Western verbena is a handsome perennial wildflower well suited to harsh, dry, and disturbed places. Its pleasing appearance will liven up and soften a difficult, hot, sunny location where other species may find it too harsh to grow. Also known by the name western vervain, western verbena is a pioneer species that has the bonus of being attractive to many pollinator species, including bees and butterflies. Monarch butterflies are often seen nectaring on western verbena. It grow 2′-3′ tall, covered at the tips by spikes of small blue-violet verbena flowers. The flowers open sequentially, from the bottom to the top of the spike, helping the plant stay in bloom for weeks under ideal conditions. It can bloom anytime from May to September depending on access to water and elevation. It can bloom right up until frost with deadheading in the garden setting. The flowering stems are square and the green leaves are coarsely toothed with short grayish hairs. Western verbena is prolific and tough, and can spread by seed in the garden, which can be a welcome or unwelcome situation, depending on your garden. We love the plant because of its attractiveness to pollinators and welcome its abundant reseeding. A great plant for pollinator gardens and habitat restoration. Native to Oregon, California, and Baja California, western verbena is common and widespread. A member of the Vervain (Verbenaceae) family. Great for erosion control. Deer resistant and drought tolerant.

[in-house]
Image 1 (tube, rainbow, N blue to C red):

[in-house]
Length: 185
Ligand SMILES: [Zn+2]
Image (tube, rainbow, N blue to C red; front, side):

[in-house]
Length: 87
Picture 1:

Seed Germination Instructions
30-60 days cold-moist stratification. Sow outside in fall or early spring.